UK: High Court Confirms Use Of Contracts To Limit Pensionable Pay

Re Bradbury v. BBC [2015] EWHC 1368 (Ch) (The Case)
Last Updated: 17 June 2015
Article by Elmer Doonan, Jay Doraisamy, Andrew Patten and Paul Lawrence

Background

BBC Philharmonic Orchestra clarinettist John Bradbury was an employee of the BBC and a member of the final salary New Benefits Section of the BBC Pension Scheme (the Scheme). In 2010, faced with a £2 billion funding shortfall, the BBC decided to impose a cap on increases in pensionable pay of 1 per cent for active members (the Cap).

The BBC imposed the Cap contractually rather than through the Scheme's amendment power. Use of the amendment power was unpalatable as:

  • it would need the support of a majority of the active members;
  • the Scheme trustees opposed the Cap; and
  • a Scheme valuation was scheduled for the near future which was likely to show a big increase in the Scheme's funding shortfall.

Before imposing the Cap the BBC consulted with employees and their union representatives (but not the trustees). Partly because of that consultation the BBC offered employees the following alternatives to the Cap:

  • to stay in the final salary section of the Scheme and enjoy zero pay increases; or
  • to opt out of the final salary section and receive deferred benefits in that section, and either join the Career Average Section of the Scheme, or a defined contribution arrangement (called LifePlan).

Mr Bradbury opted for the zero pay increase for a year and then moved to the Career Average Section of the Scheme. He complained to the Pensions Ombudsman (the PO) on three basic grounds:

  • the BBC wrongly changed the definition of "Pensionable Salary" without amending the Scheme rules with the agreement of the trustees;
  • he had contributed to the Scheme in good faith on the basis that his benefits would be based on his full salary rather than the Cap; and
  • the BBC could not retrospectively lower the value of his accrued benefits by introducing the Cap as this breached section 91 of the Pensions Act 1995.

The PO dismissed his complaint on 24 October 2011. As the BBC was making this change through the contractual route and not the amendment route none of these arguments were relevant.

Mr Bradbury appealed the PO's decision to the High Court. He argued the PO had erred in his decision and had misunderstood the "Basic Salary" definition used in the Scheme. He added for good measure that the BBC had breached the implied term of trust and confidence and/or the implied term of good faith contained in his employment contract (the Implied Duties).

Warren J upheld the PO determination. However, he found that Mr Bradbury's Implied Duties arguments merited further consideration even though he had not raised them before the PO. As the BBC had not had an opportunity to address these he stayed the Case and remitted this part of the Case back to the PO for consideration.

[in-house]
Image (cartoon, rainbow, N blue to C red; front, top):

In the remitted case before the PO in 2012 Mr Bradbury argued that the BBC's actions in imposing the Cap were in breach of the Implied Duties. The matters he relied on were:

  • Improper coercion by the BBC. The BBC had left him with no choice but to accept the Cap.
  • Improper collateral purpose. Based on some evidence from a former BBC HR officer Mr Bradbury claimed the main purpose of the Cap was to increase staff turnover among older and underperforming employees.
  • Indirect age discrimination. The BBC had been guilty of age discrimination in imposing the Cap as it discriminated indirectly against younger members.
  • Lack of meaningful consultation. The BBC had consulted with members and unions with the result already decided, and therefore the consultation was disingenuous. It had not consulted the trustees at all.

Mr Bradbury also argued the PO should consider whether the BBC's actions taken as a whole had undermined the Implied Duties.

The BBC's case was that the only way that it could have breached the Implied Duties was if it acted irrationally or perversely. It had introduced the Cap to deal with funding pressures without any improper purpose. It had every right to implement the Cap contractually and in each case it had acted reasonably. Mr Bradbury did not allege that he had suffered any discrimination, and the consultation had been meaningful as it had led to the BBC allowing members to join the Career Average Section of the Scheme.

The PO dismissed the remitted complaint. Mr Bradbury appealed and Warren J had to consider whether this appeal had any merit.

What was Mr Bradbury's case at the second High Court hearing?

Mr Bradbury challenged the PO's remitted decision on three points.

  • The PO had taken each element of Mr Bradbury's case and considered it in isolation without addressing the central point that, taken together, the elements amounted to a breach in the Implied Duties.
  • The PO had applied the wrong test for deciding whether there had been a breach, applying a "reasonable range of responses" test instead of asking whether the BBC had treated its employees fairly in the conduct of its business.
  • The BBC had frustrated Mr Bradbury's "Reasonable Expectations" that:

    • it would comply with the Scheme rules;
    • it would honour the definitions of "Pensionable Salary" and "Basic Salary" in the Scheme rules; and
    • it would amend the Scheme rules under the terms of the power of amendment.